5 ways to repair a friendship (or leave it behind if toxic)

Try writing down things you appreciate about your friend.
CNN Chief Medical Correspondent Dr. Sanjay Gupta talks about how how the pandemic has made us reevaluate our relationships in the latest edition of his podcast, "Chasing Life."

(CNN)When a friendship hits a stumbling block, how do you know whether to work on the relationship or let it go?

It can be tempting to let a friendship fade instead of facing conflict -- especially when life feels overwhelming in other ways -- because conflict is hard. But we are already facing a loneliness epidemic, and relationship repair carries further urgency in the face of biological evidence.
"It actually is a matter of life and death," wrote Lydia Denworth in her book, "Friendship: The Evolution, Biology, and Extraordinary Power of Life's Fundamental Bond." "It is carried in our DNA, in how we're wired. And that means friendship is not a choice or a luxury; it's a necessity that is critical to our ability to succeed and thrive."
    If you've lost touch with good friends or drifted apart in the past year, it could be time to work through hurt feelings and misunderstandings. Think of this work as a form of relationship and self-care, because being stuck in conflict saps valuable energy.
      Here are five ways to repair a friendship -- or leave it behind if it's toxic.

      1. Reflect and write down the good

      Before you face a difficult conversation with a friend, pause and reflect. "Think of a specific moment that this friendship has brought you joy or excitement," recommended Adam Smiley Poswolsky, author of "Friendship in the Age of Loneliness." Poswolsky suggested using that memory as inspiration to write down things you appreciate about a friend. He also encouraged sharing that list in conversation with the friend.
        "Beginning the communication repair from a place of gratitude and positivity is going to make the conversation a lot more meaningful," he advised.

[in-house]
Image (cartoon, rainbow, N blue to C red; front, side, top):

And no matter the outcome, the positive intention will remain. "Even if there is still tension and even if you still need to take a friendship pause, or even a long (or permanent) break from spending time together, that appreciation will go a long way to building empathy and mutual understanding," Poswolsky said.

        2. Choose a different way to communicate

        If repair efforts have not worked via your usual tech channels, try a different way to communicate. "People are thrilled to get mail that's not a catalog or a bill. Send more postcards, write more letters or send someone a book you think they would enjoy," Poswolsky recommended.
        He also suggested a deeper letter writing approach: "Try writing letters to each other before you talk. In your letter, include why you think the relationship feels awkward -- and why you want to repair it."
        This approach can help you gain empathy and improve communication skills. "You may realize your friend was going through something that you were not aware of. You'll begin the all-important practice of listening, before you even sit down to talk to each other," Poswolsky noted.

        3. Give it time and try again

        People differ in how they deal with conflict, so remember that you may need to give a friendship some breathing room before trying again.
        Marisa Franco, a psychologist and friendship expert based in Washington, DC, noted that friendships may require time to settle back into normal post-conflict -- and that lingering uncomfortable feelings may require further attention.
        "If it's still awkward, this might suggest that not everyone got to share their side and feel heard," Franco said.
        Franco recommended an ho